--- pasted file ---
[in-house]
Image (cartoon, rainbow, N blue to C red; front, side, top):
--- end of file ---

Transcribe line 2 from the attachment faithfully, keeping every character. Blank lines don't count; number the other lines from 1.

Image (cartoon, rainbow, N blue to C red; front, side, top):